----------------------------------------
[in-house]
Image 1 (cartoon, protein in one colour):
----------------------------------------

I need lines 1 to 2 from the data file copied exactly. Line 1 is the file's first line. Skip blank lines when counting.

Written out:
[in-house]
Image 1 (cartoon, protein in one colour):